A Russian Proprietor, and Other Stories : Part 01, Chapter 17
(1828 - 1910) ~ Father of Christian Anarchism : In 1861, during the second of his European tours, Tolstoy met with Proudhon, with whom he exchanged ideas. Inspired by the encounter, Tolstoy returned to Yasnaya Polyana to found thirteen schools that were the first attempt to implement a practical model of libertarian education. (From : Anarchy Archives.)
• "...the dissemination of the truth in a society based on coercion was always hindered in one and the same manner, namely, those in power, feeling that the recognition of this truth would undermine their position, consciously or sometimes unconsciously perverted it by explanations and additions quite foreign to it, and also opposed it by open violence." (From : "A Letter to a Hindu: The Subjection of India- Its....)
• "Only by recognizing the land as just such an article of common possession as the sun and air will you be able, without bias and justly, to establish the ownership of land among all men, according to any of the existing projects or according to some new project composed or chosen by you in common." (From : "To the Working People," by Leo Tolstoy, Yasnaya P....)
• "...for no social system can be durable or stable, under which the majority does not enjoy equal rights but is kept in a servile position, and is bound by exceptional laws. Only when the laboring majority have the same rights as other citizens, and are freed from shameful disabilities, is a firm order of society possible." (From : "To the Czar and His Assistants," by Leo Tolstoy, ....)
Part 01, Chapter 17
As soon as he got into the house, the old man bowed once more; then using his coat-tail to dust the bench in the front of the room, he smiled, and said,—
"What do you want of us, your excellency?"
The hut was bright and roomy, with a chimney; and it had a loft and berths. The fresh aspen-wood beams, between which could be seen the moss, scarcely faded, were as yet not turned dark. The new benches and the loft were not polished smooth, and the floor was not worn. One young peasant woman, rather lean, with a serious oval face, was sitting on a berth, and using her foot to rock a hanging cradle that was suspended from the ceiling by a long hook. This was Ilya's wife.
In the cradle lay at full length a suckling child, scarcely breathing, and with closed eyes.
Another young woman, robust and rosy-cheeked, with her sleeves rolled up above her elbows, showing strong arms and hands red even higher than her wrists, was standing in front of the oven, and mincing onions in a wooden dish. This was Karp's wife.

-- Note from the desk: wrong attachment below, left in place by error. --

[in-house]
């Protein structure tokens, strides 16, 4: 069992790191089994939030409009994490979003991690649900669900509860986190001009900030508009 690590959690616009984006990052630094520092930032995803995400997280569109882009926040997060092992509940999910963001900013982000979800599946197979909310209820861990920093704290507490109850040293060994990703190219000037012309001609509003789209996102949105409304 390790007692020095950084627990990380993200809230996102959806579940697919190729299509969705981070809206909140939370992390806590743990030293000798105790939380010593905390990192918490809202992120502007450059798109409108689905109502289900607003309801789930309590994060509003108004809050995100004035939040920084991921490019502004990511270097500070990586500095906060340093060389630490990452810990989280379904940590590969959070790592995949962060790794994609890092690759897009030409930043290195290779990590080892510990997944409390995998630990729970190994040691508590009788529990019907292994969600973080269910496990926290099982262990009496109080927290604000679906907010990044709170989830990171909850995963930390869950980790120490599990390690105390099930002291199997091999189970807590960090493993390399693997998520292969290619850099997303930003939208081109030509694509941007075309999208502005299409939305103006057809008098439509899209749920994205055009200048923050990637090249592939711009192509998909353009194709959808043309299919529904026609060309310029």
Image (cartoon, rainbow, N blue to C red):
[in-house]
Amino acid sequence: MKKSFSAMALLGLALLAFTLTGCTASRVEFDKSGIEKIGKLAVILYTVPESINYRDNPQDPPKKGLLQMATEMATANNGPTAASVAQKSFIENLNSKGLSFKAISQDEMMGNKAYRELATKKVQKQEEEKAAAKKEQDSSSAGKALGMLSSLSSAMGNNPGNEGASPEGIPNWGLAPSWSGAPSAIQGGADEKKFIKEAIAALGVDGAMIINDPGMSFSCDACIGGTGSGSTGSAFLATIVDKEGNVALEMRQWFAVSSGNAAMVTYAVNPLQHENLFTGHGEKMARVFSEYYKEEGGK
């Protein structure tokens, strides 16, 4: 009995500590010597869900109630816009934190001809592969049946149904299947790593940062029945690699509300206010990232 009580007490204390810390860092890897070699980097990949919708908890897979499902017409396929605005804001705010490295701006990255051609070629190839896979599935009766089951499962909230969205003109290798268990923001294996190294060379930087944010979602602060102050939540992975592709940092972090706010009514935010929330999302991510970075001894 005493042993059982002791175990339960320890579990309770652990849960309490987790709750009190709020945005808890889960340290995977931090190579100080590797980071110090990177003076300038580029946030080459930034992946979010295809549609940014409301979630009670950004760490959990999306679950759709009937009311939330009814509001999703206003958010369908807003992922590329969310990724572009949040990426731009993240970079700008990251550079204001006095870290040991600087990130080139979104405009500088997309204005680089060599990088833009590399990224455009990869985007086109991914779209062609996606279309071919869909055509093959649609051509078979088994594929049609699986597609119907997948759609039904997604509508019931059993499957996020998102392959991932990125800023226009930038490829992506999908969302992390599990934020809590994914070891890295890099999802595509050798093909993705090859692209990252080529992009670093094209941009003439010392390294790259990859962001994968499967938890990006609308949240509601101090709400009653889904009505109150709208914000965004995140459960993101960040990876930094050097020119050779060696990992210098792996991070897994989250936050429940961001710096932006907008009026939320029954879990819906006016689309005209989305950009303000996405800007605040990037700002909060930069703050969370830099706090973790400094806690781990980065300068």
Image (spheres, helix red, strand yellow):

A pock-marked woman, showing signs of pregnancy, which she tried to conceal, was standing near the oven. The room was hot, not only from the summer sun, but from the heat of the oven; and there was a strong smell of baking bread.
Two flaxen-headed little boys and a girl gazed down from the loft upon the prince, with faces full of curiosity. They had come in, expecting something to eat.
Nekhliudof was delighted to see this happy household; and at the same time he felt a sense of constraint in presence of these peasants, men and women, all looking at him. He flushed a little as he sat down on the bench.
"Give me a crust of hot bread: I am fond of it," said he, and the flush deepened.
Karp's wife cut off a huge slice of bread, and handed it on a plate to the prince. Nekhliudof said nothing, not knowing what to say. The women also were silent, the old man smiled benevolently.
"Well, now why am I so awkward? as though I were to blame for something," thought Nekhliudof. "Why shouldn't I make my proposition about the farm? What stupidity!" Still he remained silent.
"Well, father Mitri Mikolayévitch, what are you going to say about my boys' proposal?" asked the old man.
"I should advise you absolutely not to send them away, but to have them stay at home, and work," said Nekhliudof, suddenly collecting his wits. "You know what I have proposed to you. Go in with me, and buy some of the crown woods and some more land"—
"But how are we going to get money to buy it, your excellency?" he asked, interrupting the prince.
"Why, it isn't very much wood, only two hundred rubles' worth," replied Nekhliudof.
The old man gave an indignant laugh.
"Very good, if that's all. Why not buy it?" said he.
"Haven't you money enough?" asked the prince reproachfully.
"Okh! Sir, your excellency!" replied the old man, with grief expressed in his tone, looking apprehensively toward the door. "Only enough to feed my family, not enough to buy woodland."
"But you know you have money,—what do you do with it?" insisted Nekhliudof.
The old man suddenly fell into a terrible state of excitement: his eyes flashed, his shoulders began to twitch.
"Wicked men may say all sorts of things about me," he muttered in a trembling voice. "But, so may God be my witness!" he said, growing more and more animated, and turning his eyes toward the icon, "may my eyes crack, may I perish with all my family, if I have any thing more than the fifteen silver rubles which Ilyushka brought home; and we have to pay the poll-tax, you yourself know that. And we built the hut"—
"Well, well, all right," said the prince, rising from the bench. "Good-by, friends."
From : Gutenberg.org
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